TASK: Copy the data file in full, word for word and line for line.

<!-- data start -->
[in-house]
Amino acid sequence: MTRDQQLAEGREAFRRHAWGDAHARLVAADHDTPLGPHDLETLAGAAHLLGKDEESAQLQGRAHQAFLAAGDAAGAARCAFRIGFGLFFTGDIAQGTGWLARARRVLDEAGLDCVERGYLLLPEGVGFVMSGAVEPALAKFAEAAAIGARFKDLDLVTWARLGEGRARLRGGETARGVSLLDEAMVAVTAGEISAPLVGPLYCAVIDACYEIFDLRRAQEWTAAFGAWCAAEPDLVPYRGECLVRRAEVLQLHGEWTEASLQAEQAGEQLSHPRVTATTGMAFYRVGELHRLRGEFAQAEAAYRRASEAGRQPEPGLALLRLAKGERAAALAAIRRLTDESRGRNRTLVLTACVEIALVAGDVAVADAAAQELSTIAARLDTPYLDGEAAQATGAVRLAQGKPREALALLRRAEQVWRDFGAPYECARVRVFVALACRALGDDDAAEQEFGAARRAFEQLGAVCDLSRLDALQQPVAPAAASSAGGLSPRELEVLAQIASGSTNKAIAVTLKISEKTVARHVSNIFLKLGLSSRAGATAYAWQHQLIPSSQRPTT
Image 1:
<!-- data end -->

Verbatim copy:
[in-house]
Amino acid sequence: MTRDQQLAEGREAFRRHAWGDAHARLVAADHDTPLGPHDLETLAGAAHLLGKDEESAQLQGRAHQAFLAAGDAAGAARCAFRIGFGLFFTGDIAQGTGWLARARRVLDEAGLDCVERGYLLLPEGVGFVMSGAVEPALAKFAEAAAIGARFKDLDLVTWARLGEGRARLRGGETARGVSLLDEAMVAVTAGEISAPLVGPLYCAVIDACYEIFDLRRAQEWTAAFGAWCAAEPDLVPYRGECLVRRAEVLQLHGEWTEASLQAEQAGEQLSHPRVTATTGMAFYRVGELHRLRGEFAQAEAAYRRASEAGRQPEPGLALLRLAKGERAAALAAIRRLTDESRGRNRTLVLTACVEIALVAGDVAVADAAAQELSTIAARLDTPYLDGEAAQATGAVRLAQGKPREALALLRRAEQVWRDFGAPYECARVRVFVALACRALGDDDAAEQEFGAARRAFEQLGAVCDLSRLDALQQPVAPAAASSAGGLSPRELEVLAQIASGSTNKAIAVTLKISEKTVARHVSNIFLKLGLSSRAGATAYAWQHQLIPSSQRPTT
Image 1: